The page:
Song of Blood & Stone

Song of Blood & Stone (Earthsinger Chronicles Book 1) - L. Penelope

Thank you to Patchwork Press for providing me with an egalley copy of the book for review.


“Song of Blood & Stone” is a book that is unlike anything I have read before and I make this claim with no hesitation. It’s a book that will be memorable to many people for different reasons and all because of one simple fact: it is a good book. Reading the summary one already gets the sense of how strong and spirited Jasminda is and how loyal and brave Jack is. The summary doesn’t lie in this case with what it promises to bring to the reader, and that’s such a refreshing thing to see.


However I didn’t absolutely love the book and for the simple reason that this was a little out of my regular reading range. I love fantasy but don’t really gravitate to books like this one where the world building often feels a little iffy to me, the way it did in this case. To those who love this level of fantasy and unique world building, this book will be perfect. For me however it lacked something, a detail I can’t quite put my finger on, because every time I thought of Elsira on the map and then later when the other neighboring countries were brought up I wished Penelope could’ve expanded a bit more in that aspect. It would’ve made the world feel a bit more complete.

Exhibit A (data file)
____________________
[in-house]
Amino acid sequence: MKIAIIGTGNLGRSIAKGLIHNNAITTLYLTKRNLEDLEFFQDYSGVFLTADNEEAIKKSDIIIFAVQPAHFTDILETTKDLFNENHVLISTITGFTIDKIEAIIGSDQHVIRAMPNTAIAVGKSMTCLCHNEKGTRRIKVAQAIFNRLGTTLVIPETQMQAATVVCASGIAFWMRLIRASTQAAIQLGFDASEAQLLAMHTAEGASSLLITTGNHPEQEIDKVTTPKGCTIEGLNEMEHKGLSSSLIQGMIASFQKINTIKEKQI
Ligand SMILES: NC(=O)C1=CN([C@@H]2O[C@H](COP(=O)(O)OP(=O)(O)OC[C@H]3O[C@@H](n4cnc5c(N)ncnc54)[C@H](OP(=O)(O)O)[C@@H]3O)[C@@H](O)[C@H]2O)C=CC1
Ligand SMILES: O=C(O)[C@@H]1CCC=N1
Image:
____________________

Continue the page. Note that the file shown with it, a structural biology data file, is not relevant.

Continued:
While the writing in this book is very good I will admit that the beginning felt a little dull. The pace of the book picks up about a quarter of the way in and especially when we find out about Jack’s identity (which I totally foresaw). It also, I must say, doesn’t add much newness to the fantasy genre. The biggest plus for this book then is its characters which will win you over without a doubt, at least partially if not completely. Jasminda is a rare example of a strong female lead that keeps her morals intact and acts upon them. The fact that she’s a character of colour and has this ability that people discriminate against adds another layer of depth which I really enjoyed exploring. Her and Jack’s romance was one I supported and rooted for along the way (even though it did feel just a tad bit predictable in the beginning when Jack began to describe just how amazingly soft her skin was).


The verdict, then, is this: “Song of Blood & Stone” is a book worth reading. Its intriguing story and resolution are worth sticking around for and will surely win you over. It’s not an award winner or a bestseller, in my opinion, but one that will find its target audience and receive much well-deserved love from them. My only slight worry is seeing that this is the first book in a series and wondering where the story will go next – Jack and Jasminda’s story felt complete to me and I hope the author will take us somewhere new next time while still possibly exploring the world of Elsira, just with a different set of main characters. It’s a continuation I’d gladly stick around for. In any case, pick up this book for yourself – it’s a refreshing change from the cliché YA novels out on the market today, and has a depth to it you won’t be able to ignore.